Home Sunset Feedback Contents Objections Against the Sabbath
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        Many who claim to love God hate the Sabbath that He has made. Rom 8:7-9 says, "The carnal mind is enmity against God; for it is not subject to the law of God, nor indeed can be. So then, those who are in the flesh cannot please God. But you are not in the flesh but in the Spirit, if indeed the Spirit of God dwells in you." We are to worship Him who made heaven and earth, the sea and springs of water by keeping the Sabbath. Yet we meet so-called Christians who argue against it. God says, "This people honors Me with their lips, but their heart is far from Me, and in vain they worship Me, teaching as doctrines the commandments of men." Mark 7:6,7

        1) Do those who oppose the Sabbath have Bible proof for their arguments?

        Answer: Yes, but the texts they cite are wrested and misapplied. For instance, they quote Rom 3:20, saying, "By the deeds of the law no flesh will be justified in His sight." Their purpose here is to say, the law cannot be kept, so there is no need to keep it. That is not the Bible teaching. For the next clause of the same text says, "for by the law is the knowledge of sin." Now the knowledge of sin is important. If we donít know we are sinners, we will not need Jesus to save us. So to abolish the law is to abolish Jesus.

        2) What? Did you say that to abolish the law is to abolish Jesus? Please explain this further.

        Answer: 1 Jn 3:4 says, "sin is lawlessness." If there is no law, then there will be no violation of the law---no lawlessness. One who does not know the command, "You shall not bow down to a carved image," may even think that it is a merit to worship images. So people must hear God's commandments in order to know that image-worship is sinful. Rom 7:7 gives another example. It says,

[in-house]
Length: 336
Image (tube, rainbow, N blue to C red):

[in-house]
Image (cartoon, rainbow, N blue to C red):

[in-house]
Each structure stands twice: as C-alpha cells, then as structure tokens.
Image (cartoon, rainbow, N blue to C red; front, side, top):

"I would not have known covetousness unless the law said, 'You shall not covet.'" Without the law, man does not know what sin is, so he will feel no need of Jesus to save him from sin. That is why I say, to abolish the law is to abolish Jesus. The name Jesus is made up of "Jehovah" and "save." Matt 1:21 says, "You shall call His name Jesus, for He will save His people from their sins."

        3) I see. Then the fourth commandment, "Remember the Sabbath day to keep it holy" should be another example.

        Answer: Yes. The fourth commandment is a pure command. All people with a conscience would agree that murder, adultery, robbery, theft and deception are sinful. Legislators who don't believe in God can make laws to prohibit crimes that endanger social security. But without a command from God, no one would know that to work on the seventh day of the week is a sin. So this law is based wholly on a command from God. It rests entirely on His authority. To violate the Sabbath is a direct offense against Him.

        4) People use Rom 3:27 to teach people to be saved by the law of faith, saying that to keep the law is to be saved by works. They quote Gal 3:10, saying, "As many as are of the works of the law are under the curse; for it is written, 'Cursed is everyone who does not continue in all things which are written in the book of the law, to do them.'"

        Answer: This text cites a verse from the Old Testament that says, "Cursed is everyone who does not continue in all things which are written in the book of the law, to do them." So the curse rests on one who breaks the law, not on him who keeps it. But to continue arguing like this makes no sense. Why talk always in terms of being saved? There is a greater issue to be addressed.

        5) Jesus was crucified to save us; how can you say that our salvation is not the greatest issue?